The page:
Yoga to the People. No, seriously.

You may have heard about Yoga to the People, a donation-based yoga studio in the East Village that's now the defendant in a lawsuit filed by Bikram Choudhury, the founder of Bikram yoga (TM). A yoga-based lawsuit could and one day may be the subject of its very own blog post, but for now I mention it merely to highlight its polar opposite: seriously bringing yoga to the people. Not just broke students who can't afford the very high prices of yoga classes in New York, but people who've never heard of yoga. People like former child combatants in Uganda, and women who have survived sexual violence during conflict.

The person bringing the yoga is Lenny Williams, the founder of Mandala House, who I profiled last week for Women in the World. An excerpt follows, and the full profile can be read here.

Williams had practiced yoga regularly since her mid-twenties and trained in 2003 at OM yoga studio in downtown Manhattan. While she enjoyed taking classes, she knew she wanted to work with people who wouldn’t normally find themselves in a yoga studio. To work more effectively with these populations, she began training in trauma-sensitive yoga. During a training with trauma pioneers David Emerson and Bessel van der Kolk, she realized that much of what she was learning – that yoga can help heal – she knew through her own experience.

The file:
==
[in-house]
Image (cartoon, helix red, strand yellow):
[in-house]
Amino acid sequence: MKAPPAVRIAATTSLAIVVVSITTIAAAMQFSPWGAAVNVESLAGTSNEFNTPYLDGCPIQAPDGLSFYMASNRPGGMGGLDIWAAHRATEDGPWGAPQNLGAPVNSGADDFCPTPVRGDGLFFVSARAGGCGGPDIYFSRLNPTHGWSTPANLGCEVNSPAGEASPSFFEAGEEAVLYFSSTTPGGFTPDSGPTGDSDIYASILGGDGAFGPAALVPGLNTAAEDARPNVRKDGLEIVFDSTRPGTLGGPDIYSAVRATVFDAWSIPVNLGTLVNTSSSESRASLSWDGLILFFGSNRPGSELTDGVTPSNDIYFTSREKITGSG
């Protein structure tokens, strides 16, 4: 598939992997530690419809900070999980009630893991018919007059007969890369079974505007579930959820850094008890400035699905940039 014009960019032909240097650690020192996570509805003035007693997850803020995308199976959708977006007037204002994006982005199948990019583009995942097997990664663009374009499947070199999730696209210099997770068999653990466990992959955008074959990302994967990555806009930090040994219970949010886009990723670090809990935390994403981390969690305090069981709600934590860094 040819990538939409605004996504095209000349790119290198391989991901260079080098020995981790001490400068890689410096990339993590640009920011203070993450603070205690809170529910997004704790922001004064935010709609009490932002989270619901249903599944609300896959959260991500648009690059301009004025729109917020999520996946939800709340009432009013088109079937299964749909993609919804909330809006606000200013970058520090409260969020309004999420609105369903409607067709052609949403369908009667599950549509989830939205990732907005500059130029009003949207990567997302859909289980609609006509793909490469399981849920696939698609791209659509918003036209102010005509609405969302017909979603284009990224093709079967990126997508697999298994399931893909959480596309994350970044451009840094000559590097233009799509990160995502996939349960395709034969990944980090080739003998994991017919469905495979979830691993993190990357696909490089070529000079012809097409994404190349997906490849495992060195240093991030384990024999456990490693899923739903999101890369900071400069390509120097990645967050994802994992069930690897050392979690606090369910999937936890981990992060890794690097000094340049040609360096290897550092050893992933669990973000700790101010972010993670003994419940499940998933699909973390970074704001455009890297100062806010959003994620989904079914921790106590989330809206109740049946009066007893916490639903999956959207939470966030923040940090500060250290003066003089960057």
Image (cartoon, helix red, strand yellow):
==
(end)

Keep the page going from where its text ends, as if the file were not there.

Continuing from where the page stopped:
“I didn’t even know that I was using yoga and these techniques to heal and self-regulate, but I was,” she said, “so I intuitively knew there was this toolkit. I just hadn’t formalized it.”

She tried reaching out to organizations working with incarcerated youth, and to local rape crisis centers, but got little traction. Friends who worked at the United Nations and with international relief agencies encouraged her to look abroad. Just a month after she secured fiscal sponsorship through the women’s rights organization MADRE, she got the green light from the St. Monica’s Girls School in Gulu. From her conversations with the headmistress, CNN Hero Sister Rosemary, she gathered that the staff was enthusiastic about the yoga training. Only upon her arrival did it become clear that no one had any idea what yoga was.

“I wish I had a picture of my face at that moment,” she said. “They thought it was going to be badminton or something -- some sort of sports activity.”

Full story here.